Barnett proposes a “federalism amendment.” I propose something even more radical: a new constitution that includes, among many things, an Article VIII, Conventions of the States, which opens with this:

Delegations of the States shall convene every four years for the purpose of considering revisions to and revocations of acts of the government established by this Constitution. Such conventions (hereinafter “Convention of the States”) may revise and/or revoke any act or acts and/or any holding or holdings, in the sole discretion of a majority of State delegations present and voting.

These proposals, I believe, qualify Barnett and me as radical-right-minarchists (R-R-M), where “radical” means favoring the restoration of the Constitution to its original meaning. What sets R-R-M apart from other types of M is their understanding that it is no longer possible to slay or tame Leviathan through electoral politics-as-usual, that the Constitution itself must be reinvigorated. (There are more radical alternatives, a military coup and <a href=”, neither of which has much chance of success, and both of which could backfire. Barnetts’s and my proposals would not, if adopted in the way outlined in the third through fifth paragraphs of Barnett’s article.)


Regardless of the political label you apply to yourself, you probably are one of these:

Anarchist (A) – no government; justice and defense provided through contractual arrangements with private agencies, all other social and economic arrangements entirely consensual.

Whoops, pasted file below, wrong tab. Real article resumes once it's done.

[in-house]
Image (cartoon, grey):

Minarchist (M) – limited government for the dispensation of justice and national defense, and the protection of negative rights (including property rights) and civil society; specifically:

Anarcho-minarchist (A-M) – a minarchist only because government seems inevitable; otherwise, a nay-saying anarchist.

Left-minarchist (L-M) – a quasi-anarchist on justice and defense; strong on negative rights and positive rights, but weak on civil society (leans toward “politically correct” statist views).

Right-minarchist (R-M) – strong on justice, defense, negative rights, property rights, and civil society.

Radical-right-minarchist (R-R-M) – same as a right-minarchist, but seeks a “constitutional revolution” to decentralize and weaken government.

Statist (S):

Left-statist (L-S) – weak on justice and defense, negative rights, property rights, and civil society.

Totalitarian-left-statist (T-L-S) – same as a left-statist, but prefers dictatorial ways of imposing his policy preferences.